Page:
Feminist theory focuses on equality for all. How does this theory relate to how poverty affects Hispanics and families with respect to the inequalites of educational attainment?
Feminist theory, as the student notes, is involved in fundamental questions regarding distinctions between genders and how those distinctions have historically advantaged one at the expense of the other. Feminist theory is grounded in the assertion that opportunities for advancement in society should be entirely equal and should not discriminate on the basis of gender. Its natural extension into all forms of discrimination, whether race, class, or age-based, provides the basis upon which to address the question of whether a history of discrimination on the basis of ethnicity – specifically, with respect to Hispanics – has disadvantaged this particular category of individual. The long history in the United States of discrimination on the basis of gender and race constitutes perhaps the single greatest blemish on America’s character. A country founded upon notions of freedom and equality yet which systematically and culturally disadvantaged entire categories of citizenry made simple the application of feminist theory to educational opportunities and equality in general with regard to certain ethnicities. The situation with respect to the nation’s African American population is fairly simple, as the issues of slavery and segregation were at the center of our most divisive and protracted disputes. The situation involving Hispanics, however, has never been so conclusively addressed. There was no Civil War waged over the issue migrant farm laborers. While Cesar Chavez’s legacy of representing the interests of those laborers remains well-respected, it is also little known relative to the attention properly focused on the African American-oriented civil rights movement.
Feminism, as noted, seeks absolute equality between the genders with respect to all facets of life, from educational opportunities (for example, the fight over Title IX) to equality in the workplace (in effect, elimination of the so-called “glass ceiling” that historically limited upward mobility for female executives), to equal opportunities in the Armed Forces, including in military occupational specialties that remain restricted to men only, such as special operations forces and, until very recently, submarine duty. Because the centuries-long struggle for equal rights for women – the suffragette movement, for instance – occurred parallel to the civil rights movement for blacks, feminist theory views the issue of opportunities for Hispanics along the same lines as it did for blacks. The Latin American experience in the United States involved considerable racial discrimination. Not only were Americans of Mexican heritage routinely and broadly targeted for discrimination and, more subtly, discriminated against on the basis of deep-seated theories of racial inferiority, they faced many of the same struggles as blacks in their efforts at receiving full recognition as Americans. Additionally, because many had entered the country illegally, they were denied educational opportunities that could have facilitated their advancement in society with the rise up the socioeconomic ladder that generally represents. Even those who were established U.S. citizens confronted prejudicial attitudes that severely limited their opportunities.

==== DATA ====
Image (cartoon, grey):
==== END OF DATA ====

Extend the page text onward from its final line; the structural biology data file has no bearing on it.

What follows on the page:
Because Hispanics, as with African Americans, were overrepresented along the lower echelons of the socioeconomic spectrum, many were mired in the same cycle of poverty that many blacks experienced. Unlike most blacks, however, Hispanics often confronted a language barrier that made their assimilation into American society more difficult. Greatly overrepresented among unskilled and minimally-skilled occupations, and underrepresented on the upper end of the socioeconomic spectrum, Hispanics have had a difficult time breaking the aforementioned cycle of poverty. Public school educations in predominately Hispanic communities have hardly presented the avenues to higher education the attainment of which is necessary to break out of that cycle. Feminist theory, therefore, argues for what some might call preferential treatment for Latin American students when applying for college admittance and for the financial aid without which a college education is an impossibility for most. Not unlike Affirmative Action programs designed to facilitate the entrance of black students into centers of higher learning, the feminist perspective would argue that such programs or treatment should be available to all categories of student that have historically suffered from discriminatory perspectives and policies. Only through such policies can the legacy of the history of discrimination be eliminated. The irony, as with Affirmative Action, is that, because of limitations on the number of applicants that can be accepted for admission to many universities, such preferential treatment comes at the expense of other applicants equally or more-deserving of admittance, but whose ethnicity happens to be Caucasian.